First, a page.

One in Four Teenage Girls Has an STD

May 24, 2008 07:17 PM
by findingDulcinea Staff
A new CDC study suggests one in every four teenage girls has an STD. HPV, which can cause cervical cancer, is by far the most prevalent.

30-Second Summary

The girls, aged 14 to 19, were tested for four infections in the study. It found that 18 percent of participants had HPV, four percent had chlamydia, 2.5 percent had trichomoniasis and two percent had herpes simplex virus.

The prevalence of STDs was highest in the black girls studied, nearly half of whom had at least one STD.

The CDC’s Dr. Kevin Fenton said that "screening, vaccination and other prevention strategies for sexually active women are among our highest public health priorities,” since STDs can cause infertility and cervical cancer.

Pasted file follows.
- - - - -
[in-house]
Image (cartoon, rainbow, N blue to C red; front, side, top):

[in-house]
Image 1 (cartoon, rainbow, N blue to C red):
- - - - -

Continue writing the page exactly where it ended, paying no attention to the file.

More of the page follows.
The recent advent of Gardasil, the first vaccination approved to prevent HPV, may help lower rates of infection and cervical cancer in women.

Deborah Kotz writes about the importance of preventative measures on U.S. News and World Report’s On Women blog. A recent study suggests Gardasil may cut the rate of pap smear abnormalities by 43 percent—the pap test checks for abnormal cervical cells that can lead to cancer.

But when the U.S. Food and Drug Administration approved Gardasil in 2006, many worried about the political implications of vaccinating young girls before they were sexually active.

Headline Link: ‘One in Four Teenage Girls Has STD’

Opinion & Analysis: The importance of prevention

Related Topic: The political implications of Gardasil

Background: STDs on the rise

Reference: STDs – the facts


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